The Face Says it All: Gaze and Emotional Behaviors of Social Robots

Wednesday 17 April 2024, 4:30 pm
PhD student
C. Mishra MSc.
prof. dr. P. Hagoort, prof. dr. G. Skantze
dr. S. Fuchs, dr. R. Verdonschot

With the rapid advancements in artificial intelligence and robotics technologies, social robots are poised to have greater integration in society. These robots are designed specifically to conduct human-like interactions. So, understanding and replicating essential non-verbal cues, such as facial expressions and gaze, are essential for enhancing the effectiveness, human-likeness, and acceptance of these robotic systems. Social robots are already being employed in a variety of domains, including healthcare, education, and assistive roles, where their capacity to convey and interpret human emotions and intentions can significantly impact the quality of interactions. Modeling non-verbal behaviors on these robots would make them more capable of providing a richer user experience. For example, a social robot designed to provide companionship to the elderly could express happiness when the user is cheerful and sadness when the user is upset, enhancing emotional connection, or look directly at the user when speaking, creating a more personalized and attentive interaction.

This research investigates methods for making human-robot interactions (HRI) more seamless and human-like by modeling non-verbal behaviors on social robots and is centered on two key areas:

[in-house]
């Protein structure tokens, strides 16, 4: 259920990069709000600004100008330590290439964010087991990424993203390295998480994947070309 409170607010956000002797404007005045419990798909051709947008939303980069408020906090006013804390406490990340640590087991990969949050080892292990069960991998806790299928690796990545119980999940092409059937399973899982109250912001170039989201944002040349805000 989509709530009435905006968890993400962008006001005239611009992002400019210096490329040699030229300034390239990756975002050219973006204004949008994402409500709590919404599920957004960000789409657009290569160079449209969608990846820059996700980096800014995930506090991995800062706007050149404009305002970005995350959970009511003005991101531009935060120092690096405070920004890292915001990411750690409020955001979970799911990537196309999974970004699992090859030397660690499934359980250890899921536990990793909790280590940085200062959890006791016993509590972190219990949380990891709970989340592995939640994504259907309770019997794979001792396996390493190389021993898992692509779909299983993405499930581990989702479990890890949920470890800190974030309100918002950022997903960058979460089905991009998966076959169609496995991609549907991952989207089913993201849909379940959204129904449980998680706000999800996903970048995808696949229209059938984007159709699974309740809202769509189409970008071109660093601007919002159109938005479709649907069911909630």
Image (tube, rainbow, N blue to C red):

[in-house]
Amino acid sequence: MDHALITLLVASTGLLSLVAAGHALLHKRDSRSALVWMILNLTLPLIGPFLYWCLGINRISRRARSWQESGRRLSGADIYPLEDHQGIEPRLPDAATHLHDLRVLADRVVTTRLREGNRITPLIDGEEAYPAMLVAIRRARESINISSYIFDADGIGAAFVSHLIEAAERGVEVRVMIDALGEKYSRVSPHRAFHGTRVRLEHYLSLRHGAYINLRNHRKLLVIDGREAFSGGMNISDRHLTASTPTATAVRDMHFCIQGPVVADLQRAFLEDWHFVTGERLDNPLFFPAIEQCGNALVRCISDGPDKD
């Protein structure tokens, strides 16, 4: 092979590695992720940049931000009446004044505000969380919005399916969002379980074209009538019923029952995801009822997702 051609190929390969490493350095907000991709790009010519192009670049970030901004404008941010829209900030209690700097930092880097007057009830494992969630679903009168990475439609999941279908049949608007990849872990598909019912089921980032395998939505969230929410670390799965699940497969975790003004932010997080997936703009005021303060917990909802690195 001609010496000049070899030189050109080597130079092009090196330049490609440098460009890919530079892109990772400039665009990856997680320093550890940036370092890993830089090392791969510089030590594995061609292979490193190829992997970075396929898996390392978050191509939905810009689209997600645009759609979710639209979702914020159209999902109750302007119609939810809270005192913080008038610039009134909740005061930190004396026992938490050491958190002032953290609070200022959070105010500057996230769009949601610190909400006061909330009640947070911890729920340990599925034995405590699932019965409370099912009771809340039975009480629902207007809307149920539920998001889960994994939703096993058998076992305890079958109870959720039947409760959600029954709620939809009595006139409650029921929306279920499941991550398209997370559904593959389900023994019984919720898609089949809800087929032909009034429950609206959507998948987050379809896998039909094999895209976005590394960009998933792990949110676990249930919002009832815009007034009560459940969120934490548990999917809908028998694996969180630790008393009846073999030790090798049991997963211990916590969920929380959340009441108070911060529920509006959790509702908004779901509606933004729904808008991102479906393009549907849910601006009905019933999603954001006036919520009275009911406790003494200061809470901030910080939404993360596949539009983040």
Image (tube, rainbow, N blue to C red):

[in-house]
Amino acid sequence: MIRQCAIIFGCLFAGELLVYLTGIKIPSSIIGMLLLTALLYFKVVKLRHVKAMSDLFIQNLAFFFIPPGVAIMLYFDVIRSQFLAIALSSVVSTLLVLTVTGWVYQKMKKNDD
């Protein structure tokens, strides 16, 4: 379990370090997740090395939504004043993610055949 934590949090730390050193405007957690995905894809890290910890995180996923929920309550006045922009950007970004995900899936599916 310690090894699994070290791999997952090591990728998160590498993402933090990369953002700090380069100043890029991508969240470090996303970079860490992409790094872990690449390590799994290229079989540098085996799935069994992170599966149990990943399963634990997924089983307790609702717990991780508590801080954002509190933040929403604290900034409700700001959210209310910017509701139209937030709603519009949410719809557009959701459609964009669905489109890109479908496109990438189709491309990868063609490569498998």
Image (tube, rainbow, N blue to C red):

- Developing architectures to model the eye gaze and emotional
behaviors of social robots.
- Evaluating the human perception and influence of these
behaviors during HRI

I am a Postdoctoral Researcher in the Multimodal Language Department at the Max Planck Institute for Psycholinguistics working with Prof. Asli Özyürek and Dr. Judith Holler. I recently concluded my PhD research at Furhat Robotics as a Marie Curie PhD Fellow ( COBRA MSCA ITN) under the supervision of Prof. Gabriel Skantze and Prof. Peter Hagoort, where I investigated ways to automate the gaze and affective behaviors of Social Robots and gauge the influence of these robot behaviors on Human-Robot Interaction (HRI).
My research uses an interdisciplinary approach by combining insights from psychology, psycholinguistics, artificial intelligence, and cognitive science in finding novel solutions to model/ automate robot behaviors that are needed to facilitate a seamless HRI. The broader goal that I pursue through my research is to make robots easier to be integrated into our society which enable us to be more efficient and comfortable.